The classic example of this is a form that triggers a network request on user input. So when the user types into the search field, a network request should be executed to fetch the search results.

(You can check out an example of this in practice in our React Autocomplete tutorial).

However, it’s inefficient and wasteful to trigger a request on literally every key press. It’d be much better to trigger this request once the user actually stops typing.

That’s where a JavaScript utility function to debounce the underlying execution would come in handy:

const debounce = (func, timeout = 2500) => {
  if (typeof func !== "function") {
    console.error(`func must be a valid function, ${typeof func} provided`)
  let timer
  return (...args) => {
    timer = setTimeout(() => { 
      func.apply(this, args) 
    }, timeout)

How this function works

This is what’s known as a closure.

timer effectively retains it’s own state within this block (function). Every time debounce is called, timer is cleared.

If timer isn’t cleared before the specified timeout (in this case, 2.5 seconds) — the functionality (dictated by the func parameter) is finally invoked. Thus, you can see how this function can be used to hinder or delay invocation using this logic.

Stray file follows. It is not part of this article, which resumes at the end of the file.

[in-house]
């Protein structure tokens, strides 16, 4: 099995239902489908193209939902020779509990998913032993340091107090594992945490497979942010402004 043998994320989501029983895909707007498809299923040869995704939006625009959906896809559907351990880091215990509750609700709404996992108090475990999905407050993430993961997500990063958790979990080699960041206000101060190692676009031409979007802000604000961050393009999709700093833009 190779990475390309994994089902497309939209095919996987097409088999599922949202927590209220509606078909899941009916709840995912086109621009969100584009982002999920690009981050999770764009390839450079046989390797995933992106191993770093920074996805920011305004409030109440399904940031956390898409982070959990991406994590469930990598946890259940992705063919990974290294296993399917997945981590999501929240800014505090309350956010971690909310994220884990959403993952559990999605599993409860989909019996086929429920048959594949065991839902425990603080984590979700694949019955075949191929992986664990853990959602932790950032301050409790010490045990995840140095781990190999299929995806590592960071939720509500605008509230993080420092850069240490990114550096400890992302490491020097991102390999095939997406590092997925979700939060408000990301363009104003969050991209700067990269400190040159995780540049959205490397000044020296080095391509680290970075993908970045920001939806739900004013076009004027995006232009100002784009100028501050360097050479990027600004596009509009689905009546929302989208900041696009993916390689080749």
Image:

This is what’s known as debouncing, and this is a debounce utility function in its most simplistic form.

As the function is generic, it can be applied in many different scenarios, not only to throttle a network request in particular.

Note: A handy side-effect is that it’ll naturally prevent unwanted “spamming” – if a user (for some reason) keeps repeatedly clicking a given button, for instance – debouncing will only allow the resultant functionality to invoked after the spamming has ceased.

6. Measure the performance/time taken of a function

If you’ve ever wondered how long (specifically) a function takes in JavaScript, you’ll be glad to know there is in-built functionality you can utilize out of the box. There are various methods on the console object to measure the time taken of a function.

Here’s a convenient wrapper which can be used to wrap your target functionality and output the time taken for debugging or performance-monitoring purposes:

const measureTime = (func, label = "default") => {
  if (typeof func !== "function") {
    console.error(`func must be a valid function, ${typeof func} provided`)

measureTime("findPeople", someExpensiveFindPeopleFunction)
// findPeople: 13426.336181640625ms

So you’ll see the time taken (in milliseconds – ms) of the specified operation.

7. Slugify a string